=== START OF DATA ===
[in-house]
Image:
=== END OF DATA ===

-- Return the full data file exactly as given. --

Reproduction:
[in-house]
Image: